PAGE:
Food for thought: Your brain is wired to consider various possible meanings for a word before you've even heard the final sound of a word uttered. It's a conclusion scientists at the University of Rochester reached and also proved for the first time using a functional MRI (fMRI)—a tool for brain imaging—to see split-second activity. In the past, scientists postulated that listeners could only follow up to five syllables per second in spoken language by drawing from a small subset of words already known by the listener. It's much like Google's ability to predict words before you finish typing them during a search.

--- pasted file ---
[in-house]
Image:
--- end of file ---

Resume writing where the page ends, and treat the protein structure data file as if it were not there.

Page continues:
In order for researchers to test if the brain could interpret meaning, they had to create a new language. Using familiar English words like "kick" had too many nuances in meaning, they say, for them to properly capture results. So, scientists decided to test the motion part of the brain, known as V5, by creating words with similar beginning syllables to motion verbs but different ending syllables. They got test subjects to learn new words like "biduko," meaning the shape will move across the screen," and "biduka," the shape would change color. When the subjects were tested in front of a computer monitor that displayed new shapes and sounded these words, the fMRI results showed brain activity in the V5 area a split-second before participants heard the final syllable of the words. The team will continue to run more complicated tests to see how the brain responds to syntax, sound and touch sensations.